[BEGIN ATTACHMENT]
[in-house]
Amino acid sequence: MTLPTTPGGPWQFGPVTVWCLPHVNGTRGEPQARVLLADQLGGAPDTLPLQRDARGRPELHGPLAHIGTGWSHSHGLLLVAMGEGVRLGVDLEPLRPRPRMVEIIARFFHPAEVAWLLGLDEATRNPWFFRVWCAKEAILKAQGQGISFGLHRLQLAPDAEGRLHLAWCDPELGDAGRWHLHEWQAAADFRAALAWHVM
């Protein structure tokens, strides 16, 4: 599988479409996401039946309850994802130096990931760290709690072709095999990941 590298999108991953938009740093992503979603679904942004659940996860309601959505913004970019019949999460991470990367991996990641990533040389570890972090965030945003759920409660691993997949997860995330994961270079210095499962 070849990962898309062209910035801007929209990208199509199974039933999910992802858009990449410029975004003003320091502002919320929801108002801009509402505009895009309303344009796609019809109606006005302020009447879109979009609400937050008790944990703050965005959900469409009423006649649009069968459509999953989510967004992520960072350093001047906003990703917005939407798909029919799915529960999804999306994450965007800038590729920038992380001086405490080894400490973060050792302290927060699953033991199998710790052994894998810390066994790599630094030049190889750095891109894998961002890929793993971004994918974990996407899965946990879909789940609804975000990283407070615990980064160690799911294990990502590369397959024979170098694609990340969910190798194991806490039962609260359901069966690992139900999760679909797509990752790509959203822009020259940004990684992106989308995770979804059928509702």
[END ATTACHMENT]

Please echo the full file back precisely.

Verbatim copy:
[in-house]
Amino acid sequence: MTLPTTPGGPWQFGPVTVWCLPHVNGTRGEPQARVLLADQLGGAPDTLPLQRDARGRPELHGPLAHIGTGWSHSHGLLLVAMGEGVRLGVDLEPLRPRPRMVEIIARFFHPAEVAWLLGLDEATRNPWFFRVWCAKEAILKAQGQGISFGLHRLQLAPDAEGRLHLAWCDPELGDAGRWHLHEWQAAADFRAALAWHVM
């Protein structure tokens, strides 16, 4: 599988479409996401039946309850994802130096990931760290709690072709095999990941 590298999108991953938009740093992503979603679904942004659940996860309601959505913004970019019949999460991470990367991996990641990533040389570890972090965030945003759920409660691993997949997860995330994961270079210095499962 070849990962898309062209910035801007929209990208199509199974039933999910992802858009990449410029975004003003320091502002919320929801108002801009509402505009895009309303344009796609019809109606006005302020009447879109979009609400937050008790944990703050965005959900469409009423006649649009069968459509999953989510967004992520960072350093001047906003990703917005939407798909029919799915529960999804999306994450965007800038590729920038992380001086405490080894400490973060050792302290927060699953033991199998710790052994894998810390066994790599630094030049190889750095891109894998961002890929793993971004994918974990996407899965946990879909789940609804975000990283407070615990980064160690799911294990990502590369397959024979170098694609990340969910190798194991806490039962609260359901069966690992139900999760679909797509990752790509959203822009020259940004990684992106989308995770979804059928509702």